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Wednesday, August 1, 2012

Superman Versus the Ku Klux Klan: The True Story of How the Iconic Superhero Battled the Men of Hate by Rick Bowers



A Dual Biography of Sorts

Published by National Geographic in 2012.
Note: This is a YA book aimed at 5th graders and above. This adult enjoyed the book also.

From time to time the dual biography comes back into vogue. Dual biographies are a great way to compare and contrast two people's lives and, in this case, this style is used to compare and contrast two different organizations: The Ku Klux Klan and Superman, Inc. and see how these two radically different groups interacted.

There is, of course, so such thing as Superman, Inc. - I made that up. Superman is owned by D.C. Comics, but there are people who make all sorts of decisions on how to present Superman. What will he stand for and stand against? What will the next comic be like? How about the next movie? Superman Versus the Ku Klux Klan tells the story of the creation of Superman (and the two young Jewish boys from Ohio who created him) and how Superman quickly caught on once a publisher finally took him on in 1938.

By 1946 Superman was an established fixture in American culture. His comics had been sent all over the  world courtesy of American soldiers in World War II, the character was in newspapers, comic books and even had a daily radio show. The producers of the radio show decided, in the aftermath of World War II and Holocaust that Superman would take a stand against racism.

This was a risk because racism was still a very popular concept, as demonstrated by the other part of the book in which Bowers details the history of the Ku Klux Klan and describes its many manifestations over the years. The producers of the Superman  radio show decided to not have Superman take on the Klan directly. Instead, they create a new hate group called The Clan of the Fiery Cross. This fictional group is modeled on the Klan itself, helped by an double agent insider who was writing a series of articles on how the Klan is organized and makes money.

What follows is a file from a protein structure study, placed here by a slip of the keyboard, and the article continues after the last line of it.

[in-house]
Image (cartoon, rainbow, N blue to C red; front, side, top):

The trick in writing the radio show was not to make it too preachy. But, if you go too light on the message it may be missed altogether. Plus, this was a change in Superman's style. Everyone is against bank robbers, spies and organized criminals. Would this adventure with a message turn away young listeners?

The radio show aired sixteen 15-minute episodes in June of 1946 that were very well received, by its young audience, media sources and other groups across the country. Ratings actually increased during this storyline.  Bowers is quick to point out that this one little radio show did not end the Ku Klux Klan (although the Klan called for boycotts that just did not materialize), but it was important because it showed a superhero standing  with regular folks against a hate group and it was a financial and critical success. In a way, this was a stand that asked who was more American, Superman or the Ku Klux Klan?

I rate this book 4 stars out of 5.This book can be found on Amazon.com here: Superman Versus the Ku Klux Clan.

Reviewed on August 1, 2012.

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